Wednesday, July 11, 2007

How to Avoid Lifestyle Creep


Due to my insane dream of retiring young, I save roughly 40% of my pre-tax income. Sometime it can be hard justifying denying myself things I could clearly afford, especially when my friends and co-workers have them.

It is also tough with the peer pressure from family members. Everytime my mother (who hasn't earned an income in 35 years) comes to my house, she tries to convince my wife that she should get 1) a new couch, 2) all new furniture 3) a china cabinet, 4) dining room table and innumerable other things.

It can be really tough to avoid lifestyle inflation. Here's my thoughts on some tips.
  1. Keep your Poorer Friends- The instinct to splurge money on all sorts of conspicuous consumption would definitely be higher if I hung around my co-workers more. The same effect would kick in if I lived in a really expensive house.
  2. Get Everyone on the Same Page- My wife and I are on roughly the same page, we have the same goals though I think we have different priorities, we both want a family and to retire early.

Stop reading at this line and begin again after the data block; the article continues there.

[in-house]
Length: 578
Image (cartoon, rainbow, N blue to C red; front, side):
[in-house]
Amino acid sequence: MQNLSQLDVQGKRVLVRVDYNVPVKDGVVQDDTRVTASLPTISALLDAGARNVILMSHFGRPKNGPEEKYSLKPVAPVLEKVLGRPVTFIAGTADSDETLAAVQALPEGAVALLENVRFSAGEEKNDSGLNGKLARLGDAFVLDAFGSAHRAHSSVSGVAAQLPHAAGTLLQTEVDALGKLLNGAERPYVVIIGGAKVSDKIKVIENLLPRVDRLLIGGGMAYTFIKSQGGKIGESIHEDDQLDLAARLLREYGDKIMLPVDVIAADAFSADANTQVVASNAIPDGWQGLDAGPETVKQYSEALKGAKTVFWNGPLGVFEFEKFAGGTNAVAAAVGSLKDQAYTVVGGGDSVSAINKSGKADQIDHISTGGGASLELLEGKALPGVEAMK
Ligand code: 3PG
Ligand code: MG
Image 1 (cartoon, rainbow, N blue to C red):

3. Buy ourselves some nice things- It doesn't feel like we are denying ourselves too much when we both have a few expensive things to appease us. She has a house and an expensive engagement ring, and I have a Tivo. She apparently needs more expensive appeasement than I. :)
  4. Don't feel the Need to Keep Up With the Jones-I don't need to waste my money in order to show how cool I am.

I know other people allocate a certain amount of their paycheck automatically to Vanguard or something, and that could definitely work, though its not for me. My investments are being spread around a number of places.

2 comments:

Lazy Man and Money said...

Sometimes keeping richer friends could be smarter. I know a number of lawyers who can help me out of a pile of jams.

I've also found that money can be contagious. Being around money can open up opportunities to make more money.

Alex said...

This is true. My NYC Friend is the best of both worlds, he is a brilliant investor, and at the same time doesn't really spend money lavishly.